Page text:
A will isn't read dramatically to the family immediately following a death, in most cases. Instead, the executor or a family member typically files the will with the probate court, and the executor or an estate attorney sends copies to everyone who has an interest in the will. This typically happens within a couple of months after a death, although finalizing the estate can take several months or longer.
Turning Over the Will
To start the process of executing the will, **families must give a copy to the local probate court**. This is usually the court in the deceased's home county. Some states don't have a time limit regarding probating the will; families can wait years before sharing the will, or they can turn it into the probate court within days of the person's death. Some states have **statutes of limitations** on wills, which means wills are valid for a certain period of time after the person dies. Texas, for example, gives families four years to submit wills to probate court, and Alabama allows families five years. Whoever holds the will doesn't have to disclose the will's contents to other family members or beneficiaries during that time.
Notifying Interested Parties
After the probate court receives the will, the executor or estate attorney mails notification of the will to anyone mentioned in the will as well as all the next of kin, regardless of whether they are beneficiaries in the will. Required time frames vary, but **executors must mail the notifications within a reasonable amount of time**. For example, in New Jersey, executors should send the notices within 60 days of supplying the will to the probate court.
Contesting the Will
Because the will isn't actually read to the family members and is instead provided by mail, any person with an interest in the estate has time to read and contest the will before any assets are distributed to the beneficiaries. This time usually begins when the interested parties receive a copy of the will. In Washington, for example, people wanting to contest the will have four months after they receive a copy or other notice that the will is probated. After someone files a will contest, the **probate process tends to take longer** as lawyers work with the court to find a resolution.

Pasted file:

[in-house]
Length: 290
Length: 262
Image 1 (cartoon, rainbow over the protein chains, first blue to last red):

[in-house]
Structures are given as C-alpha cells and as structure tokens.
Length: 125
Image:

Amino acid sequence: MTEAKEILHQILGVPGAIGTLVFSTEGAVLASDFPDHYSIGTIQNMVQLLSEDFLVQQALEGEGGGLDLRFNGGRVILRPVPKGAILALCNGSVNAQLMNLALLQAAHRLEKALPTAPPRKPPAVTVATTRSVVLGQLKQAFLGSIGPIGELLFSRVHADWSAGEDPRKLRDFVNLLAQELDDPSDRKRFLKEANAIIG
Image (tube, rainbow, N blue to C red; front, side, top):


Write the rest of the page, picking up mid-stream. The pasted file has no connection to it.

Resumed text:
Finishing the Process
If the will and estate are simple, **it could take just a few months to complete the requirements** and distribute inheritances to the beneficiaries. Alabama's Fortenberry Legal law firm estimates a simple will should take between seven and nine months, in part because of the state's requirement to give creditors six months to notify the court of a debt owed by the deceased. If the estate is large or if someone contests the will, the **process might take more than a year**. The executor distributes the assets to the beneficiaries at the end of the process after all creditors are paid and will contests are decided.
- Texas Probate Web Site: Frequently Asked Questions About Steps to Take When Someone Dies
- Fortenberry Legal: Answers to Common Alabama Probate Questions
- Franklin County, Ohio: How Long Does It Take to Probate an Estate?
- Elder Law Answers: Who Gets Copies of the Will After a Person Dies?
- NJ.com: Will Beneficiary Entitled to Notice
- Elder Law Answers: How to Contest a Will
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